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macrumors 601
Original poster
Jun 16, 2008
Surprised no-one has caught this one yet.

Various sources (NPR, USA Today, BGR, etc.) are reporting that the FCC has joined along with the Dept. of Justice in stating that the proposed AT&T/T-Mobile merger would be against the best interests of the public, and request a full administrative hearing with all three commissioners. Unfortunately, this hearing will not begin until after the lawsuit between the DoJ and AT&T/T-Mobile concludes, in which trial starts in February.

This is a rather big blow to the proposed $39 billion merger, which the only separation of concentration each company has is Omaha, Nebraska, where T-Mobile doesn't operate its network. Where this puts the merger now remains to be seen.


macrumors 68000
Jan 11, 2011
Money controls the world my friend...

Everyone (even the DoJ, commisioners, and the FCC) has a price where they say "screw the common good! I wanna get PAID!" ;)


macrumors regular
Jan 17, 2011
Phoenix, AZ
The merger is looking more and more like it won't go through. Once the DoJ trial goes through then an FCC trial. It will get stalled by the govt by any means possible.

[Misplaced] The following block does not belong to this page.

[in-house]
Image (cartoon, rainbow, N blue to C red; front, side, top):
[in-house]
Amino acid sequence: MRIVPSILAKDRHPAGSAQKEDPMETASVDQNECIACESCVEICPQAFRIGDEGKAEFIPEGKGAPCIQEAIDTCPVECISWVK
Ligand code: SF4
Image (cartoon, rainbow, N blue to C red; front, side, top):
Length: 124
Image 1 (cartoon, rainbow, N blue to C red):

macrumors P6
Oct 23, 2010
This was entirely expected as the DOJ had announced its objection. It remains to be seen what happens. At the very least, it delays the merger, but AT&T and T-Mobile are fighting the DOJ and plan to take the issue to court.

From my perspective, T-Mobile has lots of unused capacity, is bleeding customers, and has difficulty attracting phones (since it has an unusual frequency band in the US). AT&T had planned to use T-Mobile's AWS band to expand its LTE network, freeing up some of its 3G spectrum in the process.

If the merger doesn't go through, there is no other obvious buyer. Verizon would face the same anti-trust issues. Sprint has an incompatible network, and is still struggling to integrate Nextel. The regional carriers are all CDMA. Deutsche Telekom really has no interest in building up T-Mobile USA since it has been a money pit for them. What might happen is that they would wind down their operations and sell off their spectrum and towers piecemeal.
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